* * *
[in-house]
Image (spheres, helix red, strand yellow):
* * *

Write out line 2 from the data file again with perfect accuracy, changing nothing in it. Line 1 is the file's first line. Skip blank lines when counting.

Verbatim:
Image (spheres, helix red, strand yellow):